4. See, e.g., GTE Ex Parte, supra note 3, Attachment, at 2.
5. See id. at 1; Bell Atlantic Ex Parte, supra note 3, Attachment, at 4.
6. 47 U.S.C. § 251(c)(4)(A) (Supp II. 1996).
7. See, e.g., Bailey v. United States, 516 U.S. 137, 145 (1995); Hanover Bank v. C.I.R., 369 U.S. 672, 687 (1962).
8. See Black's Law Dictionary 1315 (6th ed. 1990) (defining "retail" as "A sale for final consumption in contrast to a sale for further sale or processing (i.e., wholesale). A sale to the ultimate consumer"); American Heritage Dictionary 1054 (2d College ed. 1982) (retail is "the sale of goods or commodities in small quantities to the consumer"); Ballentine's Law Dictionary 1134 (3d ed. 1969) (defining a "sale at retail" as "A sale to a customer for his own use, or for the use of his family, rather than for resale by him in the course of business.").
9. Implementation of the Local Competition Provisions of the Telecommunications Act of 1996, First Report and Order, 11 FCC Rcd 15499, 15935, ¶ 874 (1996) (Local Competition Order).
10. See Letter from Charles Hunter, Esq., to FCC Secretary Magalie Salas, CC Docket No. 98-147, Attachment at 1 (Mar. 11, 1999).
11. Letter from Richard Whitt, MCI WorldCom, Inc., to FCC Secretary Magalie Salas, CC Docket No. 98-147, at 4 (Apr. 1, 1999). MCI-W asks why the ILECs "could not simply propose and adopt a non-discriminatory volume discount structure as a way to provide certain entities with more significant discounts; this way all users and carriers could benefit from discounts, based on the traffic they generate." Id. It neglects to mention that if DSL services are declared to be retail offerings in all circumstances, as MCI-W demands, competing carriers would be entitled to the relevant volume discount plus an additional deduction from that "retail" rate pursuant to section 251(c)(4).
The company also notes that, for ISPs, DSL services are an alternative to the business lines they have used "to provide their customers with dial-up Internet access." Id at 4 n.14. Because those business lines are clearly retail services, MCI-W says, the DSL services that replace them must be as well. That is akin to a claim that because a screwdriver can do a hammer's job in some instances, it must be classified as the same sort of tool.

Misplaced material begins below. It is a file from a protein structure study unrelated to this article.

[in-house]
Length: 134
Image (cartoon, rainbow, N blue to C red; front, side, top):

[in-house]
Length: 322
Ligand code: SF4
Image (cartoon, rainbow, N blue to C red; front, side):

12. 47 U.S.C. § 252(d)(3) (Supp. II 1996).
13. See Order and Notice, 13 FCC Rcd at 24029-24030, ¶¶ 35-36.
14. Among other things, LECs must show that the DSL rates that they charge to their ISP customers, including any volume and term discounts, cover all relevant costs of providing service, including a reasonable share of the costs of the underlying subscriber loop.
15. In order to qualify for any available volume discount, an ISP should be able to aggregate its demand within the entire area served by the selling ILEC.
16. See Order and Notice, 13 FCC Rcd at 24040, ¶¶ 60-61; Letter from Larry Irving, NTIA, to FCC Chairman William Kennard, CC Docket No. 98-147, at 2 (Jan. 11, 1999).
17. 47 U.S.C. § 252(d)(3) (Supp. II 1996).
18. The Supreme Court's ruling in AT&T v. Iowa Util. Bd., 119 S.Ct. 721 (1999), affirmed the Commission's authority to adopt pricing rules governing ILECs' provision of interconnection, unbundled network elements, and resale pursuant to 251(c). See id. at 729-733. Although such a rule might produce discounts for DSL services different from those applicable to other resale services, the Commission has already concluded that, because avoided costs may vary from service to service, discounts need not be uniform across all services. See Local Competition Order, supra, 11 FCC Rcd at 15957-15958, ¶ 916.
19. A CLEC would, of course, have an opportunity under section 252 to obtain an even larger discount than the one made available by an ILEC to an ISP (or any other customer) if the CLEC could demonstrate that the ILEC would avoid more costs by wholesaling DSL service to the CLEC, rather than to that other customer.